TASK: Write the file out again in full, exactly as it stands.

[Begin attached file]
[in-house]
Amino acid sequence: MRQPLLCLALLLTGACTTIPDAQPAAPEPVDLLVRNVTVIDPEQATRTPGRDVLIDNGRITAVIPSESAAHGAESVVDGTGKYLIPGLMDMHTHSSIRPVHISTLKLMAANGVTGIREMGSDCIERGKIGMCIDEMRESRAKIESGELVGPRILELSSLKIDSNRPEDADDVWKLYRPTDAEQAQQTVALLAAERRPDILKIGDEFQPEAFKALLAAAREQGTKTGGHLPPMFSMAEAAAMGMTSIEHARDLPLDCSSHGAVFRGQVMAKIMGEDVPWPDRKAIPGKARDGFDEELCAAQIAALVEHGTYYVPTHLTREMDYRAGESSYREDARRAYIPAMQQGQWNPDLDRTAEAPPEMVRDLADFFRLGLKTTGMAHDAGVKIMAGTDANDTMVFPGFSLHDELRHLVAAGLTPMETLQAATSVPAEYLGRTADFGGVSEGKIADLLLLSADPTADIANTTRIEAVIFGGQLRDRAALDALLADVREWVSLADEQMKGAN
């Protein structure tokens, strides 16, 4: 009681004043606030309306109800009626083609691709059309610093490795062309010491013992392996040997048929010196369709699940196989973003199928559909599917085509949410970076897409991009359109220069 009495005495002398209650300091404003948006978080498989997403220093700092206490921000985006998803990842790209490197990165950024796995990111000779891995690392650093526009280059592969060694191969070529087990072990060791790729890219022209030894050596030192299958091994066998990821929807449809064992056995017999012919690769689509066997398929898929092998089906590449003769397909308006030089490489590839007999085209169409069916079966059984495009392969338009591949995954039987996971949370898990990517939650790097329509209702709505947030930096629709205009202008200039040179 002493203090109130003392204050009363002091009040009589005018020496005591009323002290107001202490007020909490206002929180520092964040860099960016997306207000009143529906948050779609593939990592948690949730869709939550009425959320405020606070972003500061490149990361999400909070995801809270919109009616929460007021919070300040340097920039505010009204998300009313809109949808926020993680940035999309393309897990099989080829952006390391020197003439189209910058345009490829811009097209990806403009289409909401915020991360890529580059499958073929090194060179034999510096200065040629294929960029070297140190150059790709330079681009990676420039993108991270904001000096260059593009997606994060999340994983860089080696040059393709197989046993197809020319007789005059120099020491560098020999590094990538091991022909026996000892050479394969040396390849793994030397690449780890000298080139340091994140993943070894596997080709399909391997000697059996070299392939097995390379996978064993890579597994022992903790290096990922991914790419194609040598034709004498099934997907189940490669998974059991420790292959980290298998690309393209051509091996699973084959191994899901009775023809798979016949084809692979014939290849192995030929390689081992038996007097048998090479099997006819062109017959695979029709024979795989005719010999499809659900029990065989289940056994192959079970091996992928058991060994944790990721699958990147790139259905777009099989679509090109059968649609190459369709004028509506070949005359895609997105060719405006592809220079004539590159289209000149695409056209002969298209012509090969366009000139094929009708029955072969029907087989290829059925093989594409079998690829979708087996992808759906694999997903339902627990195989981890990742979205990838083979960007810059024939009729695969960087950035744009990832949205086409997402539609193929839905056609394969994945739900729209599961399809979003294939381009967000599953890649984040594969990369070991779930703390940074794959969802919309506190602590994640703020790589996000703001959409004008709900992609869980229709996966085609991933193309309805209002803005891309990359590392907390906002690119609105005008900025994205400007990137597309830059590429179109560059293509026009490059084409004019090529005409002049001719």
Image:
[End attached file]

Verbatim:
[in-house]
Amino acid sequence: MRQPLLCLALLLTGACTTIPDAQPAAPEPVDLLVRNVTVIDPEQATRTPGRDVLIDNGRITAVIPSESAAHGAESVVDGTGKYLIPGLMDMHTHSSIRPVHISTLKLMAANGVTGIREMGSDCIERGKIGMCIDEMRESRAKIESGELVGPRILELSSLKIDSNRPEDADDVWKLYRPTDAEQAQQTVALLAAERRPDILKIGDEFQPEAFKALLAAAREQGTKTGGHLPPMFSMAEAAAMGMTSIEHARDLPLDCSSHGAVFRGQVMAKIMGEDVPWPDRKAIPGKARDGFDEELCAAQIAALVEHGTYYVPTHLTREMDYRAGESSYREDARRAYIPAMQQGQWNPDLDRTAEAPPEMVRDLADFFRLGLKTTGMAHDAGVKIMAGTDANDTMVFPGFSLHDELRHLVAAGLTPMETLQAATSVPAEYLGRTADFGGVSEGKIADLLLLSADPTADIANTTRIEAVIFGGQLRDRAALDALLADVREWVSLADEQMKGAN
């Protein structure tokens, strides 16, 4: 009681004043606030309306109800009626083609691709059309610093490795062309010491013992392996040997048929010196369709699940196989973003199928559909599917085509949410970076897409991009359109220069 009495005495002398209650300091404003948006978080498989997403220093700092206490921000985006998803990842790209490197990165950024796995990111000779891995690392650093526009280059592969060694191969070529087990072990060791790729890219022209030894050596030192299958091994066998990821929807449809064992056995017999012919690769689509066997398929898929092998089906590449003769397909308006030089490489590839007999085209169409069916079966059984495009392969338009591949995954039987996971949370898990990517939650790097329509209702709505947030930096629709205009202008200039040179 002493203090109130003392204050009363002091009040009589005018020496005591009323002290107001202490007020909490206002929180520092964040860099960016997306207000009143529906948050779609593939990592948690949730869709939550009425959320405020606070972003500061490149990361999400909070995801809270919109009616929460007021919070300040340097920039505010009204998300009313809109949808926020993680940035999309393309897990099989080829952006390391020197003439189209910058345009490829811009097209990806403009289409909401915020991360890529580059499958073929090194060179034999510096200065040629294929960029070297140190150059790709330079681009990676420039993108991270904001000096260059593009997606994060999340994983860089080696040059393709197989046993197809020319007789005059120099020491560098020999590094990538091991022909026996000892050479394969040396390849793994030397690449780890000298080139340091994140993943070894596997080709399909391997000697059996070299392939097995390379996978064993890579597994022992903790290096990922991914790419194609040598034709004498099934997907189940490669998974059991420790292959980290298998690309393209051509091996699973084959191994899901009775023809798979016949084809692979014939290849192995030929390689081992038996007097048998090479099997006819062109017959695979029709024979795989005719010999499809659900029990065989289940056994192959079970091996992928058991060994944790990721699958990147790139259905777009099989679509090109059968649609190459369709004028509506070949005359895609997105060719405006592809220079004539590159289209000149695409056209002969298209012509090969366009000139094929009708029955072969029907087989290829059925093989594409079998690829979708087996992808759906694999997903339902627990195989981890990742979205990838083979960007810059024939009729695969960087950035744009990832949205086409997402539609193929839905056609394969994945739900729209599961399809979003294939381009967000599953890649984040594969990369070991779930703390940074794959969802919309506190602590994640703020790589996000703001959409004008709900992609869980229709996966085609991933193309309805209002803005891309990359590392907390906002690119609105005008900025994205400007990137597309830059590429179109560059293509026009490059084409004019090529005409002049001719």
Image: